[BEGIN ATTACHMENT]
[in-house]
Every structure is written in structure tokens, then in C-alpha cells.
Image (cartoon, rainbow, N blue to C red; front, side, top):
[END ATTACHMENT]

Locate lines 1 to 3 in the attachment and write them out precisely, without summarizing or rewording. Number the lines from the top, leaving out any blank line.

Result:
[in-house]
Every structure is written in structure tokens, then in C-alpha cells.
Image (cartoon, rainbow, N blue to C red; front, side, top):